Two years after his arrival in India, Stein secured the loan of a manuscript of the 12th-century Kashmiri chronicles, the Rājataraṅgiṇī of Kalhaṇa, in the original Sharada script. His holidays were spent in Kashmir trying to collate the topography he saw with that described in the text. His work was helped by the Kashmiri scholar, Pandit Govind Kaul—another characteristic of Stein was his eagerness to collaborate—and he published an edition of the text in 1892 and a translation with notes, maps, and geographical comments in two volumes in 1900. This was his first major work.

His duties at Lahore were punctuated with frequent travels and long hours of writing in his summer camp in Kashmir; he also spent time gaining greater familiarity with the travels of two “old friends”: Alexander the Great and Xuanzang, the famous Chinese Buddhist pilgrim monk of the 7th century CE. The historical accounts on the former drew him to the routes between India and Iran: he succeeded in reaching the Swat valley in 1896 and 1898, and in 1902 he made the first of many unsuccessful attempts to visit Afghanistan. The accounts of the latter drew his interests further into Central Asia, and in 1898 he presented a proposal to the Punjab government to retrace some part of Xuanzang’s journey and explore the meeting at Khotan of the Iranian, Indian, and Chinese cultural spheres.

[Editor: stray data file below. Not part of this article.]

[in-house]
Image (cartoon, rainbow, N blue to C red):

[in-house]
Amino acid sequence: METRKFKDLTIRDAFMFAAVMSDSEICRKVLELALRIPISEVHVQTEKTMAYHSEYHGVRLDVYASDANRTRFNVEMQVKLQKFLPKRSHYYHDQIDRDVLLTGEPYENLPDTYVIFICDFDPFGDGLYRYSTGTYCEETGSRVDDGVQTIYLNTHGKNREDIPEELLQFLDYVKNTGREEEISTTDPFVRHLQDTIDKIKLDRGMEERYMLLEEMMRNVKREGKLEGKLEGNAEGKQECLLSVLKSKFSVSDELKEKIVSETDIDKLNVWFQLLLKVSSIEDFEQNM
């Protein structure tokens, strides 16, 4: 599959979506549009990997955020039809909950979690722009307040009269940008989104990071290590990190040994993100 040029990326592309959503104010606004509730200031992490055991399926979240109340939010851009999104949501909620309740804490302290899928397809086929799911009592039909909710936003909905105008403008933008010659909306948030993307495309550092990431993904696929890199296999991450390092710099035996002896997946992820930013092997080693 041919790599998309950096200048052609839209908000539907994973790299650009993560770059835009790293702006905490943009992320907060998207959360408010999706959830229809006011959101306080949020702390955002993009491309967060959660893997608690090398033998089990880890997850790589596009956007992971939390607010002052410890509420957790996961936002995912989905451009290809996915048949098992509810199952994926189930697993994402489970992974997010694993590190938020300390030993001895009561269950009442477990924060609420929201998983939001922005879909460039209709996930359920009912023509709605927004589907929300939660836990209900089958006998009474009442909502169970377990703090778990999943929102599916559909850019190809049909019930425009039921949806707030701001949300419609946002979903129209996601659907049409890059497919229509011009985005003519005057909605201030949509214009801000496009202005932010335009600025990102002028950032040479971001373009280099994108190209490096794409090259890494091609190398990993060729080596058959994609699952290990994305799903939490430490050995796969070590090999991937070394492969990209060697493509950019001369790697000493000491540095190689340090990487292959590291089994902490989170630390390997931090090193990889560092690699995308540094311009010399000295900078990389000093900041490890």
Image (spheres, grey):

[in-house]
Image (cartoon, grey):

Stein did not come from a wealthy family and, in his early years, was neither well known nor particularly well connected, but his success in Kashmir had given him confidence and, most importantly, taught him the worth of preparation, persistence, and patronage. He continued to make important contacts: that with Rudolf Hoernle secured him the post of Principal of Calcutta Madrasah on Hoernle’s retirement in 1898. His appetite for the expedition to Central Asia was only reinforced there by the Indian birch bark manuscripts brought to Calcutta from the northern Silk Road by Captain Hamilton Bower in 1890 and Sven Hedin’s 1898 expedition, reported in the Journal of the Royal Geographical Society.